Small Business Sentiment: "Optimism Bumps Up Again"

September 9, 2014

by Doug Short

The latest issue of the NFIB Small Business Economic Trends is out today. The September update for August came in at 96.1, a 0.4 point uptick from the previous month's 95.7. In characteristic style, today's report subtitle downplays the improvement: "Expectations glum in 0.4-point increase to 96.1 in August". The index is now at the 29th percentile in this series, slightly below its post-recession 96.6 high in May and back to a level it last consistently achieved in October 2007, two months before the last recession.

The forecast was for 95.9.

Here is the opening summary of the news release.

August’s Optimism Index rose 0.4 points to 96.1 making it the second highest reading since October, 2007. The four “hard” measures (job creation plans, job openings, capital spending plans and inventory investment plans) were collectively unchanged, and the other 6 components added to the Index a bit to produce a modest gain. (Link to press release).

The first chart below highlights the 1986 baseline level of 100 and includes some labels to help us visualize that dramatic change in small-business sentiment that accompanied the Great Financial Crisis. Compare, for example the relative resilience of the index during the 2000-2003 collapse of the Tech Bubble with the far weaker readings of the past four years. The NBER declared June 2009 as the official end of the last recession.

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The average monthly change in this indicator is 1.3 points. To smooth out the noise of volatility, here is a 3-month moving average of the Optimism Index along with the monthly values, shown as dots.

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Inventories And Sales

The latest findings show that "xpected real sales volumes posted a 4 point decline, falling to a net 6 percent of owners expecting gains." The excerpts below are from the latest monthly report (PDF format).

The pace of inventory reduction improved 1 point, with a net negative 2 percent of all owners reporting growth in inventories (seasonally adjusted). So, on balance, more firms are reducing inventory than building stocks. The net percent of owners viewing current inventory stocks as “too low” improved 1 point to a net negative 2 percent. Sales trends continued to deteriorate a bit but remained near the best levels in the recovery, just historically weak. The net percent of owners planning to add to inventory stocks rose 1 point to a net 1 percent. While inventories have been building solidly at the national level, it appears that the small business sector is adding little to the accumulation of stocks.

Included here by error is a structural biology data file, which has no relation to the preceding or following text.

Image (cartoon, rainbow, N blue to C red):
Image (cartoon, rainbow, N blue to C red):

Credit Markets

Has the Fed's zero interest rate policy and quantitative easing had a positive impact on Small Businesses?

Four percent of the owners reported that all their credit needs were not met, equal to the record low. Twenty-eight percent reported all credit needs met, and a record high 55 percent explicitly said they did not want a loan. Only 2 percent reported that financing was their top business problem compared to 24 percent citing taxes, 19 percent citing regulations and red tape and 13 percent citing weak sales. The net percent of owners expecting credit conditions to ease in the coming months was a seasonally adjusted negative 5 percent; more owners expect that it will be “harder” to arrange financing than easier. This is the most favorable reading about credit market conditions since 2006, occurring at a time when the Federal Reserve is terminating its aggressive QE3 policy. Interest rates are low, but prospects for putting borrowed money profitably to work are not great and so loan demand remains weak among small business owners.

NFIB Commentary

This month's "Commentary" section opens with the following observations:

The good news, no recession signal. The bad news, no expansion signal. The NFIB Optimism Index was steady at the high end of its fairly narrow tunnel of moderately poor performances. A persistent up-trend in reported increases in average selling prices snapped, probably in response to unexpectedly weak consumer spending. Capital spending showed a bit more life, along with a hike in plans to continue it. But employment indicators were flat. Job openings increased, anticipating a lower unemployment rate but not more jobs as job creation plans faltered. There just wasn’t a lot of good GDP news in the numbers, just a “more of the same” picture.

Business Optimism and Consumer Confidence

The next chart is an overlay of the Business Optimism Index and the Conference Board Consumer Confidence Index. The consumer measure is the more volatile of the two, so I've plotted it on a separate axis to give a better comparison of the volatility from the common baseline of 100.

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These two measures of mood have been highly correlated since the early days of the Great Recession.

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